The Westchester action was tried before Official Referee J. Addison Young who rendered a detailed opinion on November
This conclusion was incorporated almost verbatim in an interlocutory judgment signed on April 12, 1948, from which neither side perfected an appeal. Instead, the parties began settlement negotiations, and, on May 19, 1948, signed a stipulation under which National was to pay (and subsequently did pay) some $94,000. in exchange for all rights to Superman and to "Superboy," another cartoon strip created by plaintiffs whose ownership was contested. The stipulation (Exhibit F, annexed to Answer) recited the first conclusion of law just quoted and further stated that:
On May 21, 1948, Judge Young signed a final consent judgment incorporating this provision and stating:
Defendants move for summary judgment on two grounds: first, that the initial Superman strip was a "work for hire" within the meaning of the Copyright Act and second, that the various agreements between the parties, as well as the consent judgment in the Westchester action divested plaintiffs of the renewal copyrights. Before we discuss these contentions, we note that the findings of the State Supreme Court in the Westchester action are binding upon us here. Vernitron Corp. v. Benjamin, 440 F.2d 105, 108 (2d Cir. 1971). The terms of the stipulation of settlement in that action, and the consent judgment are also binding. Stuyvesant Insurance Co. v. Dean Construction Co., 254 F.Supp. 102, 110 (S.D.N.Y.1966), aff'd on opinion below, 382 F.2d 991 (2d Cir.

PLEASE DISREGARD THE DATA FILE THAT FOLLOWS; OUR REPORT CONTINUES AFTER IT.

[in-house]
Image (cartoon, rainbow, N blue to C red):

We find that Superman is a "work for hire" within the meaning of the Copyright Act, 17 U.S.C. § 26. In Picture Music, Inc. v. Bourne, 314 F.Supp. 640, 650-651 (S.D.N.Y.1970), Judge Pollack ably described the elements of an employment for hire: "The existence of an arrangement going beyond an assignor —assignee relationship," the payment of wages or other remuneration, the "right of the employer to direct and supervise the manner in which the work is performed," and the "existence of an express contract for hire, expecially one calling for an author to devote his exclusive artistic services to his employer." These elements were indisputably present in the relationship between plaintiffs and Detective. The Westchester Court found that on December 4, 1937, plaintiffs entered into a written contract of employment with Detective with reference to two comic features known as "Slam Bradley" and "The Spy" (Finding of Fact 15) which provided that plaintiffs would "give their exclusive services as artists" in producing these features and that "any new and additional features which Employees produce for use in a comic magazine are to be first submitted to Employer, who reserves the right to accept or reject same within a period of Sixty days" (Finding of Fact 15).